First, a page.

Film cooling effectiveness measurements under rotation were performed on the rotor blade platform using a pressure sensitive paint (PSP) technique. The present study examines, in particular, the film cooling effectiveness due to purging of coolant from the wheel-space cavity through the circumferential clearance gap provided between the stationary and rotating components of the turbine. The experimental investigation is carried out in a new three-stage turbine facility, recently designed and taken into operation at the Turbomachinery Performance and Flow Research Laboratory (TPFL) of Texas A&M University. This new turbine rotor has been used to facilitate coolant injection through this stator-rotor gap upstream of the first stage rotor blade. The gap was inclined at to mainstream flow to allow the injected coolant to form a film along the passage platform. The effects of turbine rotating conditions on the blade platform film cooling effectiveness were investigated at three speeds of , , and with corresponding incidence angles of , , and , respectively. Four different coolant-to-mainstream mass flow ratios varying from 0.5% to 2.0% were tested at each rotational speed. Aerodynamic measurements were performed at the first stage stator exit using a radially traversed five-hole probe to quantify the mainstream flow at this station. Results indicate that film cooling effectiveness increases with an increase in the coolant-to-mainstream mass flow ratios for all turbine speeds. Higher turbine rotation speeds show more local film cooling effectiveness spread on the platform with increasing magnitudes.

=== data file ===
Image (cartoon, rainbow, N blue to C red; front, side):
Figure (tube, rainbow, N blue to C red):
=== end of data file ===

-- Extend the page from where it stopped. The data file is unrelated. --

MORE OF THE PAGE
Film-Cooling Effectiveness on a Rotating Blade Platform
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Suryanarayanan, A., Mhetras, S. P., Schobeiri, M. T., and Han, J. C. (October 28, 2008). "Film-Cooling Effectiveness on a Rotating Blade Platform." ASME. J. Turbomach. January 2009; 131(1): 011014. https://doi.org/10.1115/1.2752184
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